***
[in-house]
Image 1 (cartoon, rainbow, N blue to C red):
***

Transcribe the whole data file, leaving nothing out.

[in-house]
Image 1 (cartoon, rainbow, N blue to C red):